Ireland has a rich literary tradition that continues to thrive with the continued emergence of exciting children’s books. Over this past year, a number of new children’s titles by a range of talented authors and illustrators have been released. From classic tales revisited to modern adventures, these books range from characters with diverse backgrounds, to Irish culture and mythology. Here’s a selection to add to your child’s reading list.

1. The Turfies (6-8 years) By Sandra Langan

The Turfies tells a story of creatures who live in all the bog lands around Ireland. The bog lands become magical when the heather turfies sing in the fields to make the rain magic – it turfatises the land and the Turfies are born. They look after the land and all the animals that live there. They also love music and dancing and have lots of stories to tell.

• Published by Austin Macauley, €13.04

2. The Great Irish Book of Gaelic Games (10-12 years) By Evanne Ní Chuilinn

Sports journalist Evanne Ní Chuilinn takes the helm of Gill’s beloved Great Irish series with The Great Irish Book of Gaelic Games, a guide to the wonderful world of hurling, football, camogie, and more. This book allows readers to discover everything about Gaelic games both on and off the pitch. The book explores what happens on match day, legendary managers, famous rivalries and much more.

• Published by Gill Books, €24.99

3. The Golden Hare (0-4 years) By Paddy Donnelly

This picture book tells a story about the magic and wonder of nature that is all around us. It is inspired by the very real, but very rare golden hare of Rathin Island. Meara and her grandad set out on an adventure to the Golden Hare, a mythical, shape-shifting creature that can jump to the moon. Along the way, they discover all sorts of treasures in the trees, under the ground and in the waves.

• Published by O’Brien Press, €14.99

4. The Slug and the Snail (4-7 years) By Oein De Bhairduin

Drawn from the Irish story-telling tradition, this tale is a gentle allegory about identity and self-acceptance. Two slug brothers travel happily until they meet a crow who asks them where their home is. The younger brother becomes embarrassed and says he is a snail while the older brother carries on as a slug. The brothers grow apart, however, in time learn how to respect each other’s way of life.

•Published by Little Island and Skein Press, €16.99

5. Little Big Sister (4-8 years) By Eoin Colfer

This book tells the story of Starr, a girl with dwarfism living with her mum and sister, Babs. As the girls get older, Babs overtakes Starr’s height and Starr understands there is something different about her. When Starr starts school, she is upset, being shorter than the other children. However, with help from her mum and Babs she finds the courage to shine. The book is illustrated by Celia Ivey, who has dwarfism and found a lot of the book resonated with her own experiences.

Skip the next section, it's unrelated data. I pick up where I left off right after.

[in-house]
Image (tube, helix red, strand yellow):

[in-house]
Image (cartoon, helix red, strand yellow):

• Published by Little Island and Skien Press, €12.99

6. Na Trí Mhuicín (5-12 years) By Áine Ní Ghlinn

Crúibín, Láib and Pincín are Na Trí Mhuicín (three little pigs) that go squeaking and squealing into the 21st century. This book is an Irish language retelling of the old age story of The Three Little Pigs by writer Áine Ní Ghlinn. Rhythm, rhyme and companionship are all themes in this quirky and fun book. This is Áine’s 30th book and she has won many awards for her writing, including Oireachtas na Gaeilge Awards.

• Published by Futa Fata, €13

7. Catfish Rolling (13-17 years) By Clara Kumagai

Magic-realism blends with Japanese myth and legend in an original story about grief, memory, time and an earthquake that shook a nation. There’s a catfish under the islands of Japan and when it rolls, the land rises and falls. The catfish caused an earthquake so powerful, it cracked time itself and took her mother. Sora’s father then goes missing so she has no choice but to find him, her mother and perhaps, even the catfish itself.

• Published by Zephyr Press, €11.99

8. A Game of Life or Death (12-18 years) By Triona Campbell

When 16-year-old Asha Kennedy discovers her older sister Maya’s dead body in their home, her world falls apart. Desperate for answers, she turns to her hacker friends for help. Her search leads to Zu Tech, the hit games studio where Maya was a lead coder. From here, Asha decides the only way to uncover the truth is from the inside. After infiltrating herself into the video game Maya was working on, she finds a monstrous secret and realises that you don’t play the game – it plays you.

• Published by Scholastic, €9.40

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